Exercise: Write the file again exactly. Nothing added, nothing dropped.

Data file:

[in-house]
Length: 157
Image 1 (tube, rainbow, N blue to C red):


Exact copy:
[in-house]
Length: 157
Image 1 (tube, rainbow, N blue to C red):